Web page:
- 3 April 2023
- Posted by:
- Category: News
There are many factors that contribute to the success of a business, but if there is one asset that has become synonymous with business success in recent years, it’s data. Estimates suggest that the volume of data generated globally doubles every 2 years. As businesses, data is integral to our internal processes, it helps us manage and improve client relationships, enables us to anticipate product demand and allows us to scope out new markets and prospects.
As a creative, marketing or communications agency you know the rewards for properly harnessing and exploiting data can be huge, but doing so is certainly not without risk. According to the UK’s 2022 Cyber Security Breaches Survey, almost 2 fifths of UK businesses identified a cyber breach event in the 12-month survey period. Of those attacked, almost one third reported experiencing attacks at least once a week, and a fifth of those afflicted experienced a negative outcome. Over the course of the 12-month study period, the average cost of materially impactful cyber-attacks was found to be £4200, rising sharply to £19,400 when only medium and large businesses are considered.
Unfortunately, these statistics likely conceal a much darker reality, as organisations without the necessary cyber security infrastructure will likely be oblivious to many or all of the breach attempts they face, leading to underreporting.
The importance of taking data protection seriously in your London Based Business
From ransom payments and fraudulent transactions to downtime disruption and hardware damage, the negative impact of cyber breaches can manifest in countless ways, both direct and indirect. Additionally, failing to take data security and privacy seriously in the first place can lead to reduced client confidence in an age where customers are increasingly cognizant of the threats facing their data and how costly data compromise can be.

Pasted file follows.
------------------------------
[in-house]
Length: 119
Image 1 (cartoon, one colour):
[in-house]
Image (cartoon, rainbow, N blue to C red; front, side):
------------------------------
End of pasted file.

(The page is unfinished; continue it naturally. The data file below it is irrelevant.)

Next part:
In the creative sector it’s not just personal data you have to worry about: the content you create needs protection too. Your intellectual property is the manifestation of your brand values, and represents thousands of hours of work. Failing to protect it could see it fall into the hands of competitors who’ll then be able to benefit from your efforts.
Data protection is no longer just a commercially-savvy ‘nice-to-have,’ it’s a legally mandated necessity. The 2010s was the decade when data protection hit the mainstream business consciousness thanks to the EU’s GDPR, which has since evolved post-brexit into the Data Protection Act 2018 (UK GDPR). Enforced by the Information Commissioner’s Office, this legislation gives data subjects the right to enquire about how their information is being used, demand its erasure or modification and prohibit its use in certain processes or activities. It also compels data processors to safeguard the privacy and integrity of personal information using measures that are appropriate to the level of risk faced.